# Solvent accesibility¶

We’ll use the algorithm from Shrake and Rupley for computing the SASA.

http://mdtraj.org/1.8.0/examples/solvent-accessible-surface-area.html

Notes

This code implements the Shrake and Rupley algorithm, with the Golden Section Spiral algorithm to generate the sphere points. The basic idea is to great a mesh of points representing the surface of each atom (at a distance of the van der waals radius plus the probe radius from the nuclei), and then count the number of such mesh points that are on the molecular surface – i.e. not within the radius of another atom. Assuming that the points are evenly distributed, the number of points is directly proportional to the accessible surface area (its just 4*pi*r^2 time the fraction of the points that are accessible).

There are a number of different ways to generate the points on the sphere – possibly the best way would be to do a little “molecular dyanmics” : put the points on the sphere, and then run MD where all the points repel one another and wait for them to get to an energy minimum. But that sounds expensive.

This code uses the golden section spiral algorithm (picture at http://xsisupport.com/2012/02/25/evenly-distributing-points-on-a-sphere-with-the-golden-sectionspiral/) where you make this spiral that traces out the unit sphere and then put points down equidistant along the spiral. It’s cheap, but not perfect.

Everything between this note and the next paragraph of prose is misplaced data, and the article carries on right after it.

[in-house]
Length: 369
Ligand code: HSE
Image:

The gromacs utility g_sas uses a slightly different algorithm for generating points on the sphere, which is based on an icosahedral tesselation. roughly, the icosahedral tesselation works something like this http://www.ziyan.info/2008/11/sphere-tessellation-using-icosahedron.html

# These van der waals radii are taken from # https://en.wikipedia.org/wiki/Atomic_radii_of_the_elements_(data_page) # which references # A. Bondi (1964). “van der Waals Volumes and Radii”. J. Phys. Chem. 68: 441. doi:10.1021/j100785a001 and doi:10.1021/jp8111556. # M. Mantina et al. (2009). “Consistent van der Waals Radii for the Whole Main Group”. J. Phys. Chem. A. 113 (19): 5806–12. doi:10.1021/jp8111556 # Where no van der Waals value is known, a default of 2 angstroms is used. # However, because certain atoms in biophysical simulations have a high # chance of being completely ionized, we have decided to give the # following atoms their ionic radii their ionic radii: # +2: Be, Mg, Ca, Ba # +1: Li, Na, K, Cs # -1: Cl # These ionic radii are were taken from: # Shannon, R. D. Revised effective ionic radii and systematic studies of interatomic distances in halides and chalcogenides. Acta Crystallographica Section A 32, 751–767 (1976). doi:10.1107/S0567739476001551 # For most atoms, adding electrons usually doesn’t change the radius much # (<10%), while removing them changes it substantially (>50%). Further, # when atoms like N, S, and P, are positive, they are bound to atoms in such # a way that would “hide” their radii anyway. We have therefore chosen to just # use their vdW radii.